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111op, if you want to know the facination with shoes, you should also investigate the "facination" with skirts. Women simply cannot wear tennis shoes with skirts. Loafers also do not often work well with skirts. Why? Because people walk differently in heels than they do in loafers. Walking in loafers causes a more "flat" walk, which can cause a woman walking in a skirt to look dressed down. Your posture is simply different in heels and this affects how the entire outfit looks.

If you don't know what I mean, take a look at girls wearing skirts and flip flops nowadays. They look far more dressed down than a woman in a skirt and heels.

One more thing. Some people here seem to have a strong appreciation for art, but when the subject of clothing comes up, they act as though it is self-serving to want to dress nicely. Some people (men and women both!) find that clothing is a matter of artistic expression. This is the reason why the fashion houses of Europe (and elsewhere) still exist. There is art in the fabric and style. Even when it comes to what one has on their feet.
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Old Mar 4th, 2005, 09:26 AM
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I am a woman, and I hate shoes...

I take my shoes off the instant I'm at home, as I love walking barefoot. I would go barefoot all the time if it were allowed.

I own, at any given time, at most three or four pairs of shoes. Each pair gets replaced once it's worn out.

I own a pair of everyday comfortable somewhat-dressy sandals that I wear to work and play. (these get replaced the most - usually black)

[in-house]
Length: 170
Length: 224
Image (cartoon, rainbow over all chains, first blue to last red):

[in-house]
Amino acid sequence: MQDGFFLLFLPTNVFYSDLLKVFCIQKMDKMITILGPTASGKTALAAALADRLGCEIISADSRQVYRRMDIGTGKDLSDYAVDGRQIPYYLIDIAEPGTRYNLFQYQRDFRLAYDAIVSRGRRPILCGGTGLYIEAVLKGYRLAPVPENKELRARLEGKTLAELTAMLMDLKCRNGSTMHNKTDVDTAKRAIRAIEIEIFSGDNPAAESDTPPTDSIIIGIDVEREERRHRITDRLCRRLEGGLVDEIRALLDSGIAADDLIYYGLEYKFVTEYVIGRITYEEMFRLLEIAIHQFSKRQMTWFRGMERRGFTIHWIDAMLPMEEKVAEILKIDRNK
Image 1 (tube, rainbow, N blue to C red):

I own a pair of good hiking/walking shoes with arch and ankle support, laces and thick soles. (right now, brown Eccos)

I own a pair of boots for those rare occasions they are necessary (I live in Florida), such as forays into northern climes to visit relatives, particularly rainy days, or renaissance festivals. (black)

I own one pair of dressy flats for job interviews and anniversary dinners. (usually black).

I prefer comfort above all else. I only ever take two pairs with me on a trip. If it is to a snowy place, then the hikers and the boots. If to a moderate clime, sandals and hikers. If on business, sandals and dressies.

Of course, I'm not into a lot of stuff that are typically attributed to 'female' sensibilities, such as shopping (hate malls!), closets full of clothing, and taking more than 10 minutes to get ready for ANYTHING. (I'd rather sleep an extra half hour than blow dry and style my hair).

My DH says he appreciates many of these non-feminine traits. That means I found the right DH!!!

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Old Mar 4th, 2005, 09:28 AM
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By the way, when I say women "cannot," I do not mean that its physically impossible or will kill anyone, obviously. I am just trying to illustrate a point that most won't. I doubt that most nice restaurants would approve of women walking in with white tennis shoes and a skirt. And as many people know, most clubs won't allow people to enter with sneakers.
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Old Mar 4th, 2005, 09:33 AM
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Fascinating. Thanks for the insights!